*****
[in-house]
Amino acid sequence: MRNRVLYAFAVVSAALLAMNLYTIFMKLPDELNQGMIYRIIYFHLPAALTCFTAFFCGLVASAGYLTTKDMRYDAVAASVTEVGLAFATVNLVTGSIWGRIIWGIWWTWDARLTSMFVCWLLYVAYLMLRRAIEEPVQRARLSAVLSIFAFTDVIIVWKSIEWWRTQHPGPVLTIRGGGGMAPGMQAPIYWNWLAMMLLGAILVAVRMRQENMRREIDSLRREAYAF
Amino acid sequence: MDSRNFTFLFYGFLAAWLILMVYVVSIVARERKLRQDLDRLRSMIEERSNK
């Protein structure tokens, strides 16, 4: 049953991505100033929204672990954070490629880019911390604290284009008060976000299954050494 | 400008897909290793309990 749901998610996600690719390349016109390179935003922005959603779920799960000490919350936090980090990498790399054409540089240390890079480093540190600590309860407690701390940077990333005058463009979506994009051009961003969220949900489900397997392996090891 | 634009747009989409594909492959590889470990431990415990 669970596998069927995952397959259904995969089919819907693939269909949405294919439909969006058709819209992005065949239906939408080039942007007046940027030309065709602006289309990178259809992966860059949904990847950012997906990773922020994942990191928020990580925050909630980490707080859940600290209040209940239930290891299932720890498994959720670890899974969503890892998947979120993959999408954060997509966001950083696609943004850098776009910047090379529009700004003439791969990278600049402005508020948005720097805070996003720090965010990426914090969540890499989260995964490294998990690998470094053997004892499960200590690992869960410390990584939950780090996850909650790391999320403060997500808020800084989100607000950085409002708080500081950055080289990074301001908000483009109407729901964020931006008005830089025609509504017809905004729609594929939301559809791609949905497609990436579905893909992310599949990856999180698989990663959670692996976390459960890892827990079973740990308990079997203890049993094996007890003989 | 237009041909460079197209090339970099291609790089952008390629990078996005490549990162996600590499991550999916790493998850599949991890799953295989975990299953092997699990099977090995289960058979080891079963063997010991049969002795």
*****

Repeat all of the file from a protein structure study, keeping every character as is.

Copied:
[in-house]
Amino acid sequence: MRNRVLYAFAVVSAALLAMNLYTIFMKLPDELNQGMIYRIIYFHLPAALTCFTAFFCGLVASAGYLTTKDMRYDAVAASVTEVGLAFATVNLVTGSIWGRIIWGIWWTWDARLTSMFVCWLLYVAYLMLRRAIEEPVQRARLSAVLSIFAFTDVIIVWKSIEWWRTQHPGPVLTIRGGGGMAPGMQAPIYWNWLAMMLLGAILVAVRMRQENMRREIDSLRREAYAF
Amino acid sequence: MDSRNFTFLFYGFLAAWLILMVYVVSIVARERKLRQDLDRLRSMIEERSNK
């Protein structure tokens, strides 16, 4: 049953991505100033929204672990954070490629880019911390604290284009008060976000299954050494 | 400008897909290793309990 749901998610996600690719390349016109390179935003922005959603779920799960000490919350936090980090990498790399054409540089240390890079480093540190600590309860407690701390940077990333005058463009979506994009051009961003969220949900489900397997392996090891 | 634009747009989409594909492959590889470990431990415990 669970596998069927995952397959259904995969089919819907693939269909949405294919439909969006058709819209992005065949239906939408080039942007007046940027030309065709602006289309990178259809992966860059949904990847950012997906990773922020994942990191928020990580925050909630980490707080859940600290209040209940239930290891299932720890498994959720670890899974969503890892998947979120993959999408954060997509966001950083696609943004850098776009910047090379529009700004003439791969990278600049402005508020948005720097805070996003720090965010990426914090969540890499989260995964490294998990690998470094053997004892499960200590690992869960410390990584939950780090996850909650790391999320403060997500808020800084989100607000950085409002708080500081950055080289990074301001908000483009109407729901964020931006008005830089025609509504017809905004729609594929939301559809791609949905497609990436579905893909992310599949990856999180698989990663959670692996976390459960890892827990079973740990308990079997203890049993094996007890003989 | 237009041909460079197209090339970099291609790089952008390629990078996005490549990162996600590499991550999916790493998850599949991890799953295989975990299953092997699990099977090995289960058979080891079963063997010991049969002795």